Sundays in the Cemeteries of Pittsburgh

We’ve been pondering how to get outside, meander, and get a change of scenery. Our solution – visit cemeteries. I decided to map out cemeteries where our ancestors and extended family are buried.

Our first trip was to St. Mary Catholic Cemetery in Lawrenceville. We found the graves of two of my third great-grandmothers, Mary F Vogel Feil Goetz (1833-1910) and Anna Shevlin Campbell (1841-1908). I wanted to jump up and down with relief that I had found physical proof they existed. Mary is a direct maternal ancestor – shes the mother of my mother’s mother’s mother. Anna is my from paternal line.

We then walked around looking at the other graves for awhile. This is one of the old style cemeteries with big chunky headstones seemingly dropped onto the grounds without rhyme or reason.

Then we went home because it was hot. I realized I probably needed a hiking staff because cemeteries are notoriously unsteady grounds.

Today, we went to the great-20th century Jefferson Memorial cemetery in Pleasant Hills. We were searching for Laura’s great-grandparents. It was quite a search. The online map is cramped. So we just drove around appreciating the monumemts. I had my hiking staff.

I am not making this next part up – Laura parked and walked up to look at a President Thomas Jefferson monument. I’m a few minutes behind her, so she looks around. And she realized we had parked right next to MY great-grandparents. What are the odds – I hadn’t been to their grave since the mid-90’s.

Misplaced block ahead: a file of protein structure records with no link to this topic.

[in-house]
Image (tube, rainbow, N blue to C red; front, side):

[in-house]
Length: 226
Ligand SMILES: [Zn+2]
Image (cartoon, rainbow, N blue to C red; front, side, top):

I think it was a sign. I dutifully cleared away the weeds and debris while Laura went to see the monument.

I was quiet. I have such mixed feelings about them, so many questions I wish I could ask. I noticed my great-grandma’s name was simply Jane. No middle name, no maiden name. She died in a fire in 1971 so I’m sure her burial was traumatizing.

We continued our search for the John the Baptist section. We saw a doe with two yearlings frolicking in the road. We found a giant fish sculpture. Then a frog. A log cabin. Lots of Jesus statues.

Finally, we found the section. It took forever to figure out the layout. I used my staff to make my way across the hill, stopping to probe headstones covered in weeds.

We found it. And I was shocked to see that her great-grandparents headstone was almost identical to my great-grandparents. Similar layout, even the phrase ‘Together Forever’ The photos don’t do justice to the similarities.

Two coincidences in one trip. Perhaps I’m being fanciful, but it felt significant.

We are purposefully avoiding the big uber spaces like Allegheny and Homewood cemetery for now because everyone goes there.

Next on our list

Union Dale cemetery (Northside)

Chartiers cemetery (Carnegie)

Zion Cemetery (Whitehall)

Zelienople Cemetery ( Zelienople)

Christ Our Redeemer (Northside)

St. Herman’s Cemetery (Butler)

It’s pretty cool to fuse family history with a need to get out of the house. Imagine what epidemics they endured – cholera, tuberculosis, influenza, typhoid, and polio. 3x great-grandma Annie was actually commended for her nursing services during the 1854 cholera outbreak.

It all ties together…


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